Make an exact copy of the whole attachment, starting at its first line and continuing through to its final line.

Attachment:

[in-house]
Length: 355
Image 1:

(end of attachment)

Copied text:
[in-house]
Length: 355
Image 1: